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Beckman: Didn’t Asian Lives Matter?



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By Hank Beckman –

If it’s August, three things are inevitable. It will be miserably hot in most of the country, the Chicago Cubs will wilt in the heat and part of the national conversation will focus on the atomic bombing of Hiroshima.

We tend to focus on anniversaries that end in “5” or “0.” This year being the 75th will probably bring more of the the usual amount of Hiroshima column inches and pontificating from talking heads about whether the bombing was really necessary.

(Oddly enough, no one seems terribly concerned about the lives lost at Nagasaki; apparently about 70,000 people being incinerated in one fell swoop loses its newsworthiness if it happens only a few days after the original show.)

If you’re a regular consumer of news and are at all interested in history, you have undoubtedly heard all the arguments about what was, after all, the most significant single event of the Twentieth Century.

While many see the bombing as a necessary horror to save both American and Japanese lives, others maintain that the Japanese were on their last legs and it was only a matter of time before they surrendered.

Others argue that while the Japanese were still dangerous, there were other ways to bring them to their knees; some think that strangulation by submarine and blockades or the entry of the Soviet Union into the war would do the trick.

You might have heard it said that the bombing was unbecoming of a great nation. As an undergraduate I was exposed to the idea that the bombing was a stain on our nation’s character because we had professional soldiers to fight other professional soldiers instead of murdering innocent men, women and children.

This sounds at least somewhat reasonable, until you realize that American “professional” soldiers were mostly civilians that were drafted into the service by the government. And it assumes that all the Japanese killed at Hiroshima were innocent.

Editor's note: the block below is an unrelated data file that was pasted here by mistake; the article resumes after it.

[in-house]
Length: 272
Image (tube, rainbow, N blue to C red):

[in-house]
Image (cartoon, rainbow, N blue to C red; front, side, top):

The children were innocent, of course, but most historians note that the Japanese civilian population was strongly in support of the war effort.

Moreover, some worked in war-related industries. A thorny question for anyone studying war in the modern age is whether civilians who produce weapons of war are really innocent. How innocent were the people that produced weapons to kill not only Americans, but other Asians? Many of those Asians slaughtered were children also.

And it’s long been an article of faith on the left that the bombing was a racist act that America would have never inflicted on the Germans because they were white. This argument is somewhat problematic since the Germans surrendered before the bomb was tested, but don’t expect that to sway the average leftist. To most of them, everything is racist. What else do they have?

What is seldom remarked on is the number of Asians lives spared because Harry Truman made the decision to use the atomic bomb.

To borrow a currently popular phrase, the question that begs to be asked is whether or not Asian lives mattered.

Richard Frank, a lawyer and military historian, gives an idea of the devastation caused in Asia by the Japanese in the war in his epic Downfall: The End of the Imperial Japanese Empire.  

Drawing on sources from the late historian Robert Newman, Frank lists 17,222,500 deaths attributable to the Japanese in the years 1931 to 1945. The vast majority of these deaths were in Asia; China, the Dutch Indies, Vietnam and the Philippines were hard hit.

In Truman and the Hiroshima Cult, Newman estimated that the death toll for every month the war continued would be “upwards of 250,000 people, mostly Asians, but some Westerners.”

As Frank points out, “any moral assessment of how the Pacific war did or could have ended must consider the fate of these Asian noncombatants and the POWs.”